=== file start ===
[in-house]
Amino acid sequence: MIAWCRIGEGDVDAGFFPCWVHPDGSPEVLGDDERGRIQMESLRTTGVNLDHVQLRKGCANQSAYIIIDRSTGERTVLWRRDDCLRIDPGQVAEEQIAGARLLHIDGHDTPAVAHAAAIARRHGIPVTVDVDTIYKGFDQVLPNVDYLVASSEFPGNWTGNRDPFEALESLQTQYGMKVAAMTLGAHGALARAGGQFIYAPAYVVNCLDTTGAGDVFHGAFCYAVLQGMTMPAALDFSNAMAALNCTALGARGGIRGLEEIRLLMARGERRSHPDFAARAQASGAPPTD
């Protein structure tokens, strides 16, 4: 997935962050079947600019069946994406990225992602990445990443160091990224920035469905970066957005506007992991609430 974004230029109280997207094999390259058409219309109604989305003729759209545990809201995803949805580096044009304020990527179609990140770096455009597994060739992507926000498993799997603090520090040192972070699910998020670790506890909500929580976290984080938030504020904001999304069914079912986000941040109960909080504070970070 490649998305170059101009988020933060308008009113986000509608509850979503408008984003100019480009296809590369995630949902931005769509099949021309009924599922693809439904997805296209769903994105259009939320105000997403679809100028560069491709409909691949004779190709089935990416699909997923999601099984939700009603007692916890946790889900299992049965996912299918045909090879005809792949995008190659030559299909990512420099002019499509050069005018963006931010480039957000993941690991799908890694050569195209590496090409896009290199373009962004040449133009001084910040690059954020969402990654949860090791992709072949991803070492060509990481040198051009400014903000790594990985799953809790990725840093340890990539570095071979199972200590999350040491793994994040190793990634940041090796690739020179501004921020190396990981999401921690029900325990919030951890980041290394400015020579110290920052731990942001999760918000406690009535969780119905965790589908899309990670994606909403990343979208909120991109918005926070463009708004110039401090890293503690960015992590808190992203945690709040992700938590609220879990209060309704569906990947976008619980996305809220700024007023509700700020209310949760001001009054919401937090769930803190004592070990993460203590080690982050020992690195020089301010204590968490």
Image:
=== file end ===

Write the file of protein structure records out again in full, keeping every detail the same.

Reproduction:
[in-house]
Amino acid sequence: MIAWCRIGEGDVDAGFFPCWVHPDGSPEVLGDDERGRIQMESLRTTGVNLDHVQLRKGCANQSAYIIIDRSTGERTVLWRRDDCLRIDPGQVAEEQIAGARLLHIDGHDTPAVAHAAAIARRHGIPVTVDVDTIYKGFDQVLPNVDYLVASSEFPGNWTGNRDPFEALESLQTQYGMKVAAMTLGAHGALARAGGQFIYAPAYVVNCLDTTGAGDVFHGAFCYAVLQGMTMPAALDFSNAMAALNCTALGARGGIRGLEEIRLLMARGERRSHPDFAARAQASGAPPTD
């Protein structure tokens, strides 16, 4: 997935962050079947600019069946994406990225992602990445990443160091990224920035469905970066957005506007992991609430 974004230029109280997207094999390259058409219309109604989305003729759209545990809201995803949805580096044009304020990527179609990140770096455009597994060739992507926000498993799997603090520090040192972070699910998020670790506890909500929580976290984080938030504020904001999304069914079912986000941040109960909080504070970070 490649998305170059101009988020933060308008009113986000509608509850979503408008984003100019480009296809590369995630949902931005769509099949021309009924599922693809439904997805296209769903994105259009939320105000997403679809100028560069491709409909691949004779190709089935990416699909997923999601099984939700009603007692916890946790889900299992049965996912299918045909090879005809792949995008190659030559299909990512420099002019499509050069005018963006931010480039957000993941690991799908890694050569195209590496090409896009290199373009962004040449133009001084910040690059954020969402990654949860090791992709072949991803070492060509990481040198051009400014903000790594990985799953809790990725840093340890990539570095071979199972200590999350040491793994994040190793990634940041090796690739020179501004921020190396990981999401921690029900325990919030951890980041290394400015020579110290920052731990942001999760918000406690009535969780119905965790589908899309990670994606909403990343979208909120991109918005926070463009708004110039401090890293503690960015992590808190992203945690709040992700938590609220879990209060309704569906990947976008619980996305809220700024007023509700700020209310949760001001009054919401937090769930803190004592070990993460203590080690982050020992690195020089301010204590968490």
Image: